Make up water that has high mineral content or dissolved solids is generally not conducive to effective treatment using ozone. A side stream filter is desirable on system using make up water with 150 ppm or higher calcium hardness. Instances where hardness is in excess of 500 ppm as CaCO3, or sulfates >100 ppm preclude the use of ozone as a viable cooling tower water treatment.

To maximize the use of ozone during its short half-life, the ozonated water is generally returned to the sump of the cooling tower, as close as possible to the suction side of the circulation pumps. This is done to ensure that the maximum amount of ozone in solution is circulated through the piping and heat exchangers, and that a residual of ozone remains to be returned to the top of the cooling tower.


Ozone concentration in the water must be measured and controlled to ensure satisfactory cooling tower system operation. The measurement of ozone concentration has been a source of some debate in the past. One recommended analytical procedure for the determination of molecular ozone in water is the indigo trisulfonate method. This method is less interference prone than other colorimetric procedures. Ozone decomposition products and products of organic matter oxidation do not interfere, but chlorine, bromine, iodine, and oxidized forms of manganese will interfere with the results. The indigo trisulfonate procedure is quite sensitive, accurate, and precise, as well as being selective to the required measurement. Test kits for field use and analytical instruments for laboratory use are available.

Another widely used method, which lends itself more readily to continuous on-line measurement, the oxidation reduction potential. The ORP reading, however, cannot be accurately related to the actual ozone concentration in the water, since the molecular ozone concentration is highly dependent on the pH of the measured solution. In addition, the ORP reading is sensitive to chlorine, hypobromite ion, permanganate ion, and hydrogen peroxide, in addition to ozone in a cooling tower system. Even dissolved oxygen, picked up as the cooling tower scrubs the air passing through it, can be measured using ORP. So the designer must keep in mind that an ORP measurement is not specific to ozone, but reflects the total oxidation reduction potential of all oxidizing substances in the water.

The probe of the ORP measuring instrument is prone to fouling by a fine layer of calcium carbonate, effectively insulating the probe from the water being measured.

The ORP reading will seem to hold steady when in reality the true ORP level is changing, the control system is "blinded" to this change, and the needed amount of ozone is not supplied by the generator. Maintenance is essential for the probe, and fortunately it is quite simple. The benefit of an accurate proportional control system and variable ozone generation capability is that only the needed amount of ozone is generated, minimizing energy consumption and the possibility of corrosion from excessive ozone levels.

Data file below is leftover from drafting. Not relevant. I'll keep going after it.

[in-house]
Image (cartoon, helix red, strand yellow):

Failures in the use of ozone for cooling tower water treatment are most often related to inadequate ozonation of the water to overcome an excessive organic material loading in the water, or high operating temperature of the cooling tower system.

Ozone treatment should be avoided in the following situations:High organic loading from air, water, or industrial processes that would require a high COD, as the ozone will oxidize the organics and insufficient residual may remain for the water treatment; Water temperatures that exceed 110 degrees F, as high temperatures decrease ozone half-life substantially and reduce overall effectiveness of the ozone treatment;

Hard make-up water ( >500 mg / L as CaCO3) or dirty make-up water (softening, partial softening, or filtering make up water will sometimes alleviate the problems); and Volumetrically large and/or long piping systems which require long residence times to get complete ozone coverage, as insufficient ozone residence time results in inadequate system disinfection, especially at the towers.

Cooling water temperature is critical to the success or failure of an ozone system. Above 110°F the solubility of ozone is practically nil for any concentration of ozone in the feed gas. Even at 104°F the solubility is very small at less than three mg / L. Most sources agree that ozone works best in bulk water at or below this temperature. Many process cooling and most comfort cooling systems operate at between 85°F and 100°F, well within the limit of acceptable ozone solubility. As the temperature of the water into which ozone is being injected rises, the ozone will dissociate quickly and not dissolve into the water. This is the main reason ozone is not appropriate for cooling tower applications at nuclear and fossil generating plants and absorption refrigerant plants, where water temperatures are generally high.

Problems often occur in the field as well. These precautions should be taken during installation

Preparation of the inlet air is very important for the efficient operation of an ozone generator, as well as for the longevity of the unit. The feed gas preparation must include removal of particulate matter to <1Hm, moisture to <-60°F PDP, and oil to <0.001 ppm w/w. Make-up water should be free from sediment, mud, and discoloration, and should not have high levels of sulfates (<100 ppm) or hardness (<500 ppm as CaCO3).